"Flywheels" made me think of an interesting test that was done with city buses in Germany, I think. A giant flywheel was mounted horizontally under the floorboards of the bus, and "charged up" when the bus was in motion.
As the bus pulled away from each stop, it used the stored power of the spinning flywheel to do the hard work of getting the bus up to speed. Which allowed the bus to have a tiny engine (like a 3-cylinder, or something crazy like that!), and still carry a full load of passengers.
Of course, a spinning flywheel has a LOT of potential energy stored, and any little problem can cause them to come apart, and destroy everything around them.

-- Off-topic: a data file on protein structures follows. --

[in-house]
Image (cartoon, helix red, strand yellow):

So they developed a flywheel that was entirely spun of fiber (maybe carbon fiber? kevlar? can't recall), so if anything went wrong, the whole thing instantly turned itself into a giant ball of fluff! All the potential energy was released in one massive discombobulation that resulted in a cavity full of cotton candy, rather than pieces of metal flying everywhere in the cabin of the bus.
I assume this didn't work out in the end, because I heard of this maybe 20 years ago? And haven't heard peep of it since then.